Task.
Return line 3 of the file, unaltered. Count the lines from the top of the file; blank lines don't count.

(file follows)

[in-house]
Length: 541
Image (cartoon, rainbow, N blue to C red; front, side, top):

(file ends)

Image (cartoon, rainbow, N blue to C red; front, side, top):